The awareness that a person chose to take his sister’s life is not lost on Jack. He talks about it frequently. But, yesterday, he and I had an exchange that I won’t ever forget. It went like this:

Jack – “What did Lisa do to Teagan?”

Me – “We don’t know what she did buddy. The police haven’t told us yet. They will tell us at the trial.” (At this point, I should remind you that I’m talking to a 5-year-old boy. All of these words are in his vocabulary because we’ve been completely honest with the boys, not because we want him to know these words)

Jack – “We know that Lisa didn’t shoot her with a gun, because we saw Teagan and there was no blood. How could someone kill someone without there being blood?”

Me – “I have no idea buddy. But, someday, in about a year, we will know how Teagan died.”

Jack – “Why did Lisa do it. I mean, she wasn’t a murderer before that, she never murdered anyone else. Why would she ever murder Teagan, she was her daughter.”

Me – “I don’t know buddy, it just doesn’t make any sense.”

Jack – “But, like, she was a mother. How could she have killed her own daughter?”

Me – “I don’t know.”

Jack had been looking down and then he looked up at me and had tears in his eyes, but wasn’t crying and said, “I can’t understand why someone would just become a murderer and kill their own daughter.” In that moment, looking into his eyes, I could have been talking to a 90-year-old man.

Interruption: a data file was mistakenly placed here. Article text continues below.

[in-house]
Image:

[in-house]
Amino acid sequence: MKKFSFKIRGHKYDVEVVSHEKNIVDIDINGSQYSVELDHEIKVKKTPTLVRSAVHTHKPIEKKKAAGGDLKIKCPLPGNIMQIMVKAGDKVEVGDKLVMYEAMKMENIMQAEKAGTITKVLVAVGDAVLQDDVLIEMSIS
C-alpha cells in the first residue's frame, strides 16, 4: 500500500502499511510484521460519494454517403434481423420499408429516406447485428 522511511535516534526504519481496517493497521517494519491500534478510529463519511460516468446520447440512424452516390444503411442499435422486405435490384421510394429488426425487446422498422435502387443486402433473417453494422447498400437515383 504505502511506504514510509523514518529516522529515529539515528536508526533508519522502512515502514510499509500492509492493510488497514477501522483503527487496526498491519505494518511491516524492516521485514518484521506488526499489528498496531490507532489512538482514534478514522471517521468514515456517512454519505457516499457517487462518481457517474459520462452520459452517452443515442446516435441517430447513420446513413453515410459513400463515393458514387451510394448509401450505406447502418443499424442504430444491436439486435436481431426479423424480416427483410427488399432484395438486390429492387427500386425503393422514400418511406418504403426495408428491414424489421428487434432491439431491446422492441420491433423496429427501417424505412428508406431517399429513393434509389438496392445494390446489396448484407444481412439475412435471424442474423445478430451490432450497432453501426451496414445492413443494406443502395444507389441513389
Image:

Me – “I don’t understand it either buddy. The only thing I know is that she is an evil monster because she has to be to have done what she did.”

It seems he understands as much as we do. These are the things that our otherwise happy 5-year-old boy thinks about. He sleeps with water guns under his pillow and nerf guns under his bed, which he calls his “weapons” that he keeps close “in case a bad guy comes in when we are sleeping and I need to protect you”. Maybe your kids do that too because they are afraid of the dark. But, to our boys, the “bad guy” has a name. My kids should be worried about whether Santa thinks they’ve been good enough to get the latest Xbox game – not worried about whether “Lisa will die me too” (as Jack told us when he was three). This is the stuff that Lisa won’t be on trial for, but make no mistake, she sentenced all of us with a lifetime of wondering what our family would have been like if Teagan was still alive, who Teagan would have become, who we would have been if this tragedy never happened. She took their sister and she stole their childhood innocence.

Published by Teagan's Voice

Teagan's Voice is a national advocacy organization focused on advocating for children’s rights, including policy and procedural changes to prevent violence against children, while holding systems accountable when they fail at protecting victims of these crimes. Our vision is to ensure Canada’s youngest most at risk youth all live, grow, and are nurtured in protective and loving home environments regardless of family status, gender, ethnicity or income